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J Gen Intern Med. 2008 Nov;23(11):1822-8. doi: 10.1007/s11606-008-0775-x. Epub 2008 Sep 11.

Does patient health and hysterectomy status influence cervical cancer screening in older women?

Author information

  • 1Office of Behavioral and Social Sciences Research, National Institutes of Health, Bethesda, MD 20892-2027, USA. meissneh@od.nih.gov

Abstract

BACKGROUND:

Decisions to screen older patients for cancer are complicated by the fact that aging populations are heterogeneous with respect to life expectancy.

OBJECTIVE:

To examine national trends in the association between cervical cancer screening and age, health and hysterectomy status.

DESIGN AND PARTICIPANTS:

Cross-sectional data from the 1993, 1998, 2000, and 2005 National Health Interview Surveys (NHIS) were used to examine trends in screening for women age 35-64 and 65+ years of age. We investigated whether health is associated with Pap testing among older women using the 2005 NHIS (N = 3,073). We excluded women with a history of cervical cancer or who had their last Pap because of a problem.

MEASUREMENTS:

The dependent variable was having a Pap test within the past 3 years. Independent variables included three measures of respondent health (the Charlson comorbidity index (CCI), general health status and having a chronic disability), hysterectomy status and sociodemographic factors.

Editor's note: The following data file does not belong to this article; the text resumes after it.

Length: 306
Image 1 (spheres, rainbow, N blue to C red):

MAIN RESULTS:

NHIS data showed a consistent pattern of lower Pap use among older women (65+) compared to younger women regardless of hysterectomy status. Screening also was lower among older women who reported being in fair/poor health, having a chronic disability, or a higher CCI score (4+). Multivariate models showed that over 50% of older women reporting poor health status or a chronic disability and 47% with a hysterectomy still had a recent Pap.

CONCLUSIONS:

Though age, health and hysterectomy status appear to influence Pap test use, current national data suggest that there still may be overutilization and inappropriate screening of older women.

PMID:
18784967
[PubMed - indexed for MEDLINE]
PMCID:
PMC2585656
Free PMC Article

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